9.72                        H
                                                                  7.45   7.81   9.87
R
      C     O
H
                                                    Alkynes
                                                                    H


                                                              e
                                                                    C
                1.80   H3 C   C    C      H 1.82

                                                                    C
                       7.26

               7.26             7.26



               7.26             7.26
       e
                       7.26
H3 C       H



                         2.35



                7.06              7.06



                7.14              7.14

                         7.07
X-ray Structure of
     the 3C
 Naphthodifuran
   Cyclophane
Chemical shift equivalence
          … of atoms or groups.

 Groups or nuclei are shift equivalent if they can be
 exchanged by a bond rotation without changing the structure
 of the molecule.

      H       H              H3 C       CH 3
               H                         CH 3
          C                         C



 These atoms/groups are said to be “homotopic”.
 Homotopic atoms/groups are always shift equivalent.
Shift equivalence can also be determined by symmetry properties
of the molecule.
 A proper axis of rotation…

H3 C       CH 3                           CH 3          CH 3
                                                 CH 3
       C

       C
   H       H                              H             H
                                                 H
Atoms/groups that can be reflected in an internal mirror plane
of symmetry, but not exchanged by bond rotation or a proper
axis of symmetry are “enantiotopic”.

                       O
    O                  C                              H
    C              H       H            H2
           H                                          C
                                        C         H        H
                                 H3 C
           H                                 Cl
                                                      C
                                                  H        H
                   H       H
                                                      Cl
 For our current purposes, enantiotopic protons are always shift
 equivalent.
It is easy to recognize atoms/groups that are constitutionally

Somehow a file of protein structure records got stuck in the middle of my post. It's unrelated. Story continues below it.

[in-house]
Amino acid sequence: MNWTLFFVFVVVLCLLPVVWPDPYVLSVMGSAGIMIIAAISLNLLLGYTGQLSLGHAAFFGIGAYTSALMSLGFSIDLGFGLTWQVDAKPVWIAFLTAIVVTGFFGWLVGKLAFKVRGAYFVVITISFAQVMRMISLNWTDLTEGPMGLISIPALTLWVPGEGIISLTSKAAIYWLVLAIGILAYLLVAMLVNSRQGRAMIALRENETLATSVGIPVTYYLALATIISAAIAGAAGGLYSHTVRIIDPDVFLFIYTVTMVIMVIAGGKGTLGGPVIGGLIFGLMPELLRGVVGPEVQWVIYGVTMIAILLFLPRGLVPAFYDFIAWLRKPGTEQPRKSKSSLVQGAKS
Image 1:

different.

    O
                        CH 3
           H                              H       H       H H
    C
                H
                                              C               C
                                     HO               C           H
         CH 2
    C                                             H       H
    H2
    Protons that are not constitutionally different, that cannot
    be exchanged by bond rotation or by molecular
    symmetry are “diastereotopic”.
H                Cl                                           CH 3
         H                                                           H
                                                  H3 C
                                                                  CH 3
H                H         H       H   H H
         H                                               H   Cl
                               C        C
                      Cl                     Cl
                                   H   Cl


    Diastereotopic atoms/groups are NOT shift equivalent,
    except by coincidence (i.e. they happen to have the same
    chemical shift by accident).
                                              O
                                                      CH 2 CH 3
                                           CH 2




       7       6       5          4    3          2        1      0
                                 PPM


Raw integrals: 8.5:3.5:3.4:5.0
 Other nuclei - spin-spin coupling

 Consider the vicinal protons in the molecule:
      HA      HM        In the absence of any influence by HM,
          C   C         HA will resonate at A.
Cl                 Br
     Cl       Br
But proton HM generates its own magnetic field which will affect
A. Is this field aligned with Ho or against Ho i.e. will it shield or
deshield HA?
 Remember that the population of the two spin states are
 nearly equal. In the total of all molecules, half of the HM
 protons will be aligned with Ho and half against.
 So in half the molecules, HM shields HA and in half HM deshields
 HA. We therefore see two peaks for HA, of equal intensity; one
 upfield of A and one downfield of A.               vA


 We call this type of signal a … “doublet”.
 We say that HA is “split” into a doublet by HM.

This effect is referred to as … “spin-spin”
coupling.                                              J AM



The distance between the two peaks in
Hz is J, the coupling constant.
Important aspects of coupling:
  • coupling always goes both ways. If HA is split by HM,
  then HM must also be split by HA and J must be equal in
  both cases.
  • coupling is a through-bond and not a through-space
  effect.
 • coupling between shift-equivalent nuclei is not observed.
A few words about J.
 The magnitude of J can be extremely useful in
 determining structure. It depends on:

 • number of bonds between nuclei
 • type of bonds between nuclei
 • type of nuclei
 • conformation
Because coupling is a through bond effect, the magnitude of
J depends on the number of bonds between coupling nuclei.
One bond couplings are larger than two bond couplings, two
larger than three. In proton-proton couplings, four bond
couplings are not usually observed.


       Geminal                                              J4 = 0 Hz       Long range
                      J2 = 12-14 Hz



                      H   H H         H             H   H H             H

Vicinal
                 Cl                       Cl   Cl                           Cl
    J3 = 7 Hz*
                          H    Cl                       H       Cl

    * In conformationally averaged systems.
 Type of bonds…
-bonds transmit coupling effects more effectively than s bonds.

          H1              H1                  H1

                H2              H2                  H2



                H3              H3                  H3

          H4              H4                  H4



                      H         H


                      H         CH 3
The magnitude of vicinal couplings depends strongly on the